The company had to issue a clarification on January 11 to resolve possible questions. In the updated release, AMD confirmed all the previous information, while providing more details on each of the exploits. According to the company, the first type of Spectre issue is being addressed at the moment, and they expect all the potential threats will be eliminated shortly. As regards the variant two of Spectre, AMD still states the risk is negligible ("near zero") and will be tweaked with "microcode updates" to ensure maximum security.

As a result, it can be expected AMD processors will not suffer from a significant performance drop, especially when it comes to the new generations of data center solutions. Since the Spectre risk remains to be small for AMD and the company discloses all the information on time, I believe the selloff related to the aforementioned interview is not justified. Similar selloffs in the future should not concern investors, while pullbacks may be used to invest in the company.

The corporation has strong product line-up for 2018. The company will continue growing its revenue

Importantly, the drop in share price provides a good opportunity to invest in the company, since the prospects for 2018 are positive. The company is likely to continue growing its revenue double-digits, thanks to the strong product line-up and continuing crypto currency saga.

Hence, at CES 2018 AMD presented several promising products which will help the company boost its performance. The list includes new Ryzen CPUs and mobile APUs, Radeon Vega, and Vega Mobile, while 12nm ZEN+, 7nm ZEN2 and 7nm+ ZEN3 are expected to remain "on track." The company also shared the list of Epyc customers, which now includes Google Cloud, Amazon AWS, and many others. More details can be found in the article by EnerTuition.

All of this makes AMD more than competitive against peers such as Intel and Nvidia (NVDA), which is why the company's results are likely to beat expectations in 2018. Therefore, the stock is a compelling buy for 2018.

Any future selloff related to Spectre will likely provide a good buying opportunity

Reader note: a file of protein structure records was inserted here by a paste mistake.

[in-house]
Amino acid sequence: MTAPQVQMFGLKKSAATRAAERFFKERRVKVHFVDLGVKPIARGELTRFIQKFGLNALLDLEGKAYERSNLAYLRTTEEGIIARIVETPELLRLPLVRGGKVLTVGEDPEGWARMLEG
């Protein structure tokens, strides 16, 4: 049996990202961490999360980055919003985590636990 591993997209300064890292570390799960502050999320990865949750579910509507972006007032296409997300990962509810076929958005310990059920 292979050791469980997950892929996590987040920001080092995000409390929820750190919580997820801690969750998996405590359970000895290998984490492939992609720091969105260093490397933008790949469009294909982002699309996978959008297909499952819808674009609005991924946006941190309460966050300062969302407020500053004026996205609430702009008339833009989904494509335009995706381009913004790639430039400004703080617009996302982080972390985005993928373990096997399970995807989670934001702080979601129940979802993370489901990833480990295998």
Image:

Overall, the negative reaction to Lisa Su "admitting" (once again) the processors' vulnerability to Spectre seems to be unjustified. The company responded immediately after the flaw was revealed to the public, and the company admitted that its processors are subjects to Spectre 1 and Spectre 2 risks. Since Meltdown is not applicable to AMD processor, while the level of Spectre threat remains low, I do not see significant reasons for a sharp drop in the stock price.

Since there was “no change" to AMD's position on the susceptibility of its chips to Spectre in ten days after the first press release, the selloff that happened during the after-market trading hours could be the result of trading algorithms responding to the headlines. Notably, the stock regained its positions on the following trading day.

The main takeaway here is that AMD already disclosed all the information about its processors' Spectre susceptibility and started to issue updates. Investors should not be influenced by the headlines such as those mentioned in the article. As the corporation has a solid product line-up for 2018, the stock remains to be a compelling buy.

My detailed analyses of AMD, Intel, Nvidia, and other tech companies can be found on my profile page. If you like my article and would like to stay up to date on the next one, you can click the "Follow" button next to my profile.

Disclosure: I am/we are long AMD. I wrote this article myself, and it expresses my own opinions. I am not receiving compensation for it (other than from Seeking Alpha). I have no business relationship with any company whose stock is mentioned in this article.